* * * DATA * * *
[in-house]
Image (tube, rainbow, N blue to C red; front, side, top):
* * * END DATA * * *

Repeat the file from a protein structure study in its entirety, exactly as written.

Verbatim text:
[in-house]
Image (tube, rainbow, N blue to C red; front, side, top):